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Durham University

Department of Earth Sciences


Publication details for Prof. Claire Horwell

Tomašek, I., Damby, D.E., Horwell, C.J., Ayris, P.M., Delmelle, P., Ottley, C.J., Cubillas, P., Casas, A.S., Bisig, C., Petri-Fink, A., Dingwell, D.B., Clift, M.J.D., Drasler, B. & Rothen-Rutishauser, B. (2019). Assessment of the potential for in-plume sulphur dioxide gas-ash interactions to influence the respiratory toxicity of volcanic ash. Environmental Research 179(Part A): 108798.

Author(s) from Durham


Volcanic plumes are complex environments composed of gases and ash particles, where chemical and physical processes occur at different temperature and compositional regimes. Commonly, soluble sulphate- and chloride-bearing salts are formed on ash as gases interact with ash surfaces. Exposure to respirable volcanic ash following an eruption is potentially a significant health concern. The impact of such gas-ash interactions on ash toxicity is wholly un-investigated. Here, we study, for the first time, whether the interaction of volcanic particles with sulphur dioxide (SO2) gas, and the resulting presence of sulphate salt deposits on particle surfaces, influences toxicity to the respiratory system, using an advanced in vitro approach.

To emplace surface sulphate salts on particles, via replication of the physicochemical reactions that occur between pristine ash surfaces and volcanic gas, analogue substrates (powdered synthetic volcanic glass and natural pumice) were exposed to SO2 at 500 °C, in a novel Advanced Gas-Ash Reactor, resulting in salt-laden particles. The solubility of surface salt deposits was then assessed by leaching in water and geochemical modelling. A human multicellular lung model was exposed to aerosolised salt-laden and pristine (salt-free) particles, and incubated for 24 h. Cell cultures were subsequently assessed for biological endpoints, including cytotoxicity (lactate dehydrogenase release), oxidative stress (oxidative stress-related gene expression; heme oxygenase 1 and NAD(P)H dehydrogenase [quinone] 1) and its (pro-)inflammatory response (tumour necrosis factor α, interleukin 8 and interleukin 1β at gene and protein levels).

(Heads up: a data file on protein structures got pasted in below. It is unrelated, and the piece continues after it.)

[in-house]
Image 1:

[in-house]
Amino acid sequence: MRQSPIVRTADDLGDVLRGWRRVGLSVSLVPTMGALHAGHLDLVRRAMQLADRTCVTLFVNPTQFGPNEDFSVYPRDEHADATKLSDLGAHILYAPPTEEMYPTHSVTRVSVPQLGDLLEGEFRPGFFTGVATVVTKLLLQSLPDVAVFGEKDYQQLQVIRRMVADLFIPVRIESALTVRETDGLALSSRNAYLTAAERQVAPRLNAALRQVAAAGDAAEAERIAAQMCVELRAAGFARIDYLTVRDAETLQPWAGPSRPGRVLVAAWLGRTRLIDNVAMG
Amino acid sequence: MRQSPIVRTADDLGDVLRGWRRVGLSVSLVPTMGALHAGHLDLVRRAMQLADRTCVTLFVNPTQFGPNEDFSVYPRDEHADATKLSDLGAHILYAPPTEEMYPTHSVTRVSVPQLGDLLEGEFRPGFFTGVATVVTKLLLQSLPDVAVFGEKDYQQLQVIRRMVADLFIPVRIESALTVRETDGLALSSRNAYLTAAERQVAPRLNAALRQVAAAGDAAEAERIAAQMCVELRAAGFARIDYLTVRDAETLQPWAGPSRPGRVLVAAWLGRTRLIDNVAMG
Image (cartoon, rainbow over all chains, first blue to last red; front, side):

In the lung cell model no significant effects were observed between the pristine and SO2-exposed particles, indicating that the surface salt deposits, and the underlying alterations to the substrate, do not cause acute adverse effects in vitro. Based on the leachate data, the majority of the sulphate salts from the ash surfaces are likely to dissolve in the lungs prior to cellular uptake.

The findings of this study indicate that interaction of volcanic ash with SO2 during ash generation and transport does not significantly affect the respiratory toxicity of volcanic ash in vitro. Therefore, sulphate salts are unlikely a dominant factor controlling variability in in vitro toxicity assessments observed during previous eruption response efforts.